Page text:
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BD Agro Constructs Russia's Largest Biogas Plant

29 October 2012
Big Dutchman

RUSSIA - For Russia, the biogas technology can be a means to become more independent from the fossil fuels gas and oil. The agricultural region Belgorod, 700 kilometres south of Moscow, is aiming for this independence.

The biogas company, BD AgroRenewables, based in Calveslage in Germany, has initiated operation of one of the first biogas plants in Russia in the region. The plant generates 2.4 megawatts (MW)of electricity and is thus one of the largest plants in the Russian Federation.

To achieve these 2.4MW of power, the plant is supplied with 80 tonnes of maize silage, 80 cubic metres of slurry and 45 tonnes of slaughterhouse waste every day. Each year, 19 million kilowatt-hours of power are generated and 10,000 households can be supplied with this power.

The biogas plant, a model project for operator AltEnergo, was built in nine months and 40 kilometres outside of the city of Belgorod with its 350,000 inhabitants. "This marks the birth of the bioenergy sector in Russia", said Vevgeny Savchenko, the governor of Belgorod oblast, when opening the plant.

In the next few years, AltEnergo plans to build about 150 additional biogas plants in the region. The plants shall supply power for farms in future, especially in the parts of the country that are mainly characterised by agriculture. These farms will then be able to operate self-sufficiently without relying on oil and gas.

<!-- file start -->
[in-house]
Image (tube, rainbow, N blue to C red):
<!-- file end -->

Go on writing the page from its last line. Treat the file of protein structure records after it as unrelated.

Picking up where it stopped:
"BD AGRO is already looking into interesting follow-up orders and we feel that we are positioned well for the future", announces BD AGRO manager, Hermann Gößling.

Plant is supplied with slurry, slaughterhouse waste and renewable resources

Belgorod is one of these regions characterised by agriculture with many livestock farmers. Due to this, the plant cannot only be supplied with renewable resources but also with slaughterhouse waste and slurry.

Mr Gößling is sure of it: "Biogas is the ideal energy source for Russia." Contrarily to Germany, the vast country between the Ural and the Pacific Ocean with its large areas of arable land with fertile soil has all the room necessary to grow renewable resources.

There is no competition for land like in Germany. Moreover, slurry, chicken manure and slaughterhouse waste, which would have been produced in any case, are sensibly exploited. According to a prediction from Russian experts, 150,000 gigawatts of electricity may be generated by biogas. This matches the power output of about 100 nuclear power stations.

Technology and knowledge are imported from Germany

BD AGRO planned and built the plant as general contractor in cooperation with German companies. For the only six year old company, this was the biggest project ever carried out outside of Germany. Nearly 40 lorries delivered material to Russia. Led by German chief fitters, the biogas plant was erected with the help of local installation workers. While the plant was being built, BD AGRO trained future employees in similar plants in Germany.

The biogas plant comprises four digesters, two of which are tall fermenters. The digesters are 15 meters tall and provide ideal conditions for the fermentation process, as project planner Matthias Haller, explains.

The Russian state does not as of yet subsidise renewable energy, in contrast to Germany, Mr Gößling says. This means that each biogas plant operator either needs to conclude an agreement with the energy suppliers regarding the power supply into the public grid or to use the generated electricity itself.

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